Picture me attending my eight-grade chemistry class. Mrs. XXX/The teacher rambles on, in a monotonous, sleep-inducing tone, about the importance of ions and how they balance equations. I am trying my best to understand these new and complicated concepts. But she might as well have been speaking Greek or Latin, because all I remember from that lesson was the confusion written large on my face.
This is my story. Every emotion experienced in that class has had a bearing on what I am today. I made a decision that day in class and sure enough I am following up on it 15 years later.
But, for now, back to my chemistry class. Having not understood much of what was explained, My face is burning with frustration and I'm questioning my own abilities and self-worth. I guess my teacher notices this and asks me to stand up in class. And then the unthinkable happens. She asks me questions related to ions and chemical equations, possibly knowing that I can't answer any of them. I looked like a fool in front of the class. My adolescent mind, which was anyway dealing with pimples, puberty, changing relationships and raging hormones, is now experiencing a life changing humiliation.
I made my decision – I will never put my child through an ordeal where he/she is disrespected and his/her strengths are not given a chance.
Years later, I am still strong in my resolve.
A lot has happened since that day. I landed myself a flourishing job at Femina, met Mr. Right, but then came the difficult part. I needed to explain my decision to my husband as to why our child should not have to go through what I did that day in chemistry class. I cannot say that he blindly agreed with my decision, which is understandable, but he did not say an outright no! That was good enough for me.
So now the big question is if not school, then what? What is the alternate to not sending my children to school? How will they learn social skills? How will they step out in the world and develop into global citizens?
I found my answer when I came across the Montessori principle of education, which was founded by Maria Montessori, an Italian physician, educator, and innovator. Maria's philosophy believes in respecting the child and his ability to learn through his experiences. We cannot 'teach' a child, but guide him, create a conducive environment for him where he learns through his own free will. A child that learns through his free will and choice will strive for perfection and completion.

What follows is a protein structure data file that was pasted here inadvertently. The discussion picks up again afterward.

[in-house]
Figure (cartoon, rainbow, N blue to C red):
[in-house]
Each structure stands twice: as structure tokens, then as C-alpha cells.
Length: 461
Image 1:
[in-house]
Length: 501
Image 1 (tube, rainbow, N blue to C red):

In a Montessori environment, you will not see 15 children sitting in a group with a teacher teaching lessons on a blackboard. It, instead, focuses on a highly individualised program, where each child is working on his own development. For instance, during class some children may be working on their language skills, others are working in pairs for math and some are exploring different world cultures.
Another beautiful aspect about a Montessori group is the children are of different ages. You would be hard pressed to find a real life situation, such as your workplace, community, and family, where people of the same age are grouped together. Similarly, the Montessori philosophy strongly believes that education is a preparation for life, as such enabling a child to adapt, grow and learn social skills in an environment similar to the one's he will experience outside the classroom.
After rigorous, exhaustive and intensive training, involving practice teaching and strict observation periods in pure Montessori environments, I can now safely say I have found my answer.
But that is not enough. Just like Montessori was an answer to my doubts, it is also my struggle to make it available to parents who think on the same lines as me. I am striving towards starting my own school, Sharda Montessori, to reach out to as many children as I can and, hopefully, change their lives by helping them become happy, self-disciplined and strong willed individuals.
While I put pieces together for my own school, brick by brick, I am still waiting to use my profound knowledge of trigonometry that I studied in school. I was made to believe my life would depend on it. Well, the endless, torturous math classes did teach me patience, elevated my threshold of endurance, but still – what does trigonometry have to do with it?
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